E-book

# Beam Theory for Subsea Pipelines: Analysis and Practical Applications

ISBN: 978-1-119-11766-7
320 pages
August 2015

## Description

Introducing a new practical approach within the field of applied mechanics developed to solve beam strength and bending problems using classical beam theory and beam modeling, this outstanding new volume offers the engineer, scientist, or student a revolutionary new approach to subsea pipeline design. Integrating use of the Mathematica program into these models and designs, the engineer can utilize this unique approach to build stronger, more efficient and less costly subsea pipelines, a very important phase of the world's energy infrastructure.

Significant advances have been achieved in implementation of the applied beam theory in various engineering design technologies over the last few decades, and the implementation of this theory also takes an important place within the practical area of re-qualification and reassessment for onshore and offshore pipeline engineering. A general strategy of applying beam theory into the design procedure of subsea pipelines has been developed and already incorporated into the ISO guidelines for reliability-based limit state design of pipelines. This work is founded on these significant advances.

The intention of the book is to provide the theory, research, and practical applications that can be used for educational purposes by personnel working in offshore pipeline integrity and engineering students. A must-have for the veteran engineer and student alike, this volume is an important new advancement in the energy industry, a strong link in the chain of the world's energy production.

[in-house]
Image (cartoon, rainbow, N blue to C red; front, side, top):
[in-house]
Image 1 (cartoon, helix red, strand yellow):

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List of Figures xiii

Abstract xvii

Preface xix

List of Symbols xxiii

Acronyms xxv

PART I CLASSICAL BEAM THEORY: PROBLEMSET AND TRADITIONAL METHOD OF SOLUTION

1 Euler's beam approach: Linear theory of Beam Bending 3

1.1 Objective to the part I 3

1.2 Scope for part I 3

1.3 Theory of Euler’s beam: How to utilize general beam theory for solving the problems in question? 4

1.3.1 Short history of beam theory 4

1.3.2 General Euler – Bernoulli method: Traditional approach 5

1.3.3 Loading considerations (from Wikipedia). Symbolic solutions 8

PART II STATICALLY INDETERMINATE BEAMS: CLASSICAL APPROACH

2 Beam in classical evaluations 13

2.1 Fixed both edges beam 13

2.1.1 Problem set and traditional method of solution: Unknown reactions 13

2.1.2 The equations of beam equilibrium 15

2.1.3 Differential equation of beam bending 16

2.1.4 The boundary conditions for a beam 16

2.1.5 The solution for forces and moments 17

2.1.6 Visualizations of solutions 17

2.1.7 Well-known results from "black box" program 20

2.2 Fixed beam with a leg in the middle part 20

2.2.1 Problem set 20

2.2.2 Static equations 22

2.2.3 Differential equations for the deflections of the spans 23

2.2.4 Transmission and boundary conditions 24

2.2.5 Reactions 24

2.2.6 Visualizations of the symbolic solutions 24

PART III NEW METHOD OF SYMBOLIC EVALUATIONS IN THE BEAMTHEORY

3 New method for solving beam static equations 33

3.1 Objective 33

3.2 Problem set 34

3.3 Boundary conditions 37

3.4 New practical application for Classical Beam Theory: Uniform load 38

3.4.1 Elementary Problems: Rectangular Load Distributions. Hinge and roller supporters of beam 38

3.5 Statically indeterminate beams 46

3.5.1 Objective 46

3.5.2 Problem b): Rectangular load distribution 47

3.5.3 Problem c): Pointed force 50

3.5.4 Problem d): Moment at the point 57

3.5.5 Problem set: Beam with hinge at the edge 61

3.5.6 Problem set: Beam with weak stiff ness at edge 65

3.6 Statically indeterminate beams with a leg 68

3.6.1 Problem bb): Two spans 68